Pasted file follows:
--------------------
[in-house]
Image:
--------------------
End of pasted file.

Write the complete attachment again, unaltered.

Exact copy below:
[in-house]
Image: